The current system makes producers slaves to money. There are three factors which create this condition. First, because money can only come into circulation through borrowing, a producer, one who owns real wealth, is allowed to convert that wealth to money only by becoming a debtor and using that wealth as collateral. Secondly, because interest is levied on this debt, most of the value, over time, is transferred to non-producers who control the money and banking process. Thirdly, because the supply of money is artificially regulated and kept in short supply relative to the amount needed for payments of the debt, some producers will inevitably default on their loans and be forced to forfeit their collateral.
Using basic commodities as the basis for issuing currency to producers automatically in proportion to their production makes the producer "king" by placing the money issuing power in his/her hands. It allows him/her to reap his proper reward for his contribution to the community. It creates the amount of currency necessary to allow the purchase of the goods produced -- the greater the amount produced, the greater the amount of currency in circulation; the more real wealth the community has (in the form of grain, lumber, metals, fuels, etc.), the more money there will be. Thus, the real wealth of the community is reflected (symbolically) in the amount of money in circulation.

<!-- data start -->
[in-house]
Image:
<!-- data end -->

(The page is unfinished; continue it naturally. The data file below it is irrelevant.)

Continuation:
If next year's production falls short of this year's, the amount of money retired in the process of redemption of commodities will be greater than the amount of new money issued. This will cause the money supply to contract along with the supply of commodities, reflecting the relative poverty of the community. If, on the other hand, production should increase from one period to the next, the amount of newly issued money will exceed the amount retired in the process of redemption. The supply of money will thus increase along with the supply of commodities, reflecting the relative prosperity of the community. This approach to currency issue would maintain a stable general price level, since there would be no central-bank-created artificial shortage, no legalized counterfeit from monetized government debt, no interest, and no misallocated bank credit.
Producers would not be charged interest on money issued in this manner. The initial amount of money issued on the strength of any particular warehouse receipt would be based upon the price history, stability of supply and perishability of the commodity. The final total received by the producer would be determined by the eventual price which he received in the market. Producers' accounts would be updated periodically to bring them into line with the actual market results.